The Return Of Tarzan by Edgar Rice Burroughs
1 The Affair on the Liner
2 Forging Bonds of Hate and – – ?
3 What Happened in the Rue Maule
4 The Countess Explains
5 The Plot That Failed
6 A Duel
7 The Dancing Girl of Sidi Aissa
8 The Fight in the Desert
9 Numa “El Adrea”
10 Through the Valley of the Shadow
11 John Caldwell, London
12 Ships That Pass
13 The Wreck of the “Lady Alice”
14 Back to the Primitive
15 From Ape to Savage
16 The Ivory Raiders
17 The White Chief of the Waziri
18 The Lottery of Death
19 The City of Gold
21 The Castaways
22 The Treasure Vaults of Opar
23 The Fifty Frightful Men
24 How Tarzan Came Again to Opar
25 Through the Forest Primeval
26 The Passing of the Ape-Man
The Affair on the Liner
“Magnifique!” ejaculated the Countess de Coude, beneath
“Eh?” questioned the count, turning toward his young wife.
“What is it that is magnificent?” and the count bent his eyes
In various directions in quest of the object of her admiration.
“Oh, nothing at all, my dear,” replied the countess, a slight
Flush momentarily coloring her already pink cheek. “I was but
Recalling with admiration those stupendous skyscrapers, as
They call them, of New York,” and the fair countess settled
Herself more comfortably in her steamer chair, and resumed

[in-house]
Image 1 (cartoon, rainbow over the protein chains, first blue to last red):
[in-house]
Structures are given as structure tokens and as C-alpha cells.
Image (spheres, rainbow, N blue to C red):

The magazine which “nothing at all” had caused her to let
Fall upon her lap.
Her husband again buried himself in his book, but not
Without a mild wonderment that three days out from New
York his countess should suddenly have realized an
Admiration for the very buildings she had but recently
Presently the count put down his book. “It is very tiresome,
Olga,” he said. “I think that I shall hunt up some
Others who may be equally bored, and see if we cannot find
Enough for a game of cards.”
“You are not very gallant, my husband,” replied the young
Woman, smiling, “but as I am equally bored I can forgive you.
Go and play at your tiresome old cards, then, if you will.”
When he had gone she let her eyes wander slyly to the figure
Of a tall young man stretched lazily in a chair not far distant.
“MAGNIFIQUE!” she breathed once more.
The Countess Olga de Coude was twenty. Her husband forty.
She was a very faithful and loyal wife, but as she had had
Nothing whatever to do with the selection of a husband,
It is not at all unlikely that she was not wildly and
Passionately in love with the one that fate and her titled
Russian father had selected for her. However, simply because
She was surprised into a tiny exclamation of approval at sight
Of a splendid young stranger it must not be inferred therefrom
That her thoughts were in any way disloyal to her spouse.
She merely admired, as she might have admired a particularly
Fine specimen of any species. Furthermore, the young man
Was unquestionably good to look at.
As her furtive glance rested upon his profile he rose to leave
The deck. The Countess de Coude beckoned to a passing steward.
“Who is that gentleman?” she asked.
“He is booked, madam, as Monsieur Tarzan, of Africa,”
Replied the steward.
“Rather a large estate,” thought the girl, but now her
Interest was still further aroused.
As Tarzan walked slowly toward the smoking-room he
Came unexpectedly upon two men whispering excitedly just
Without. He would have vouchsafed them not even a passing
Thought but for the strangely guilty glance that one of them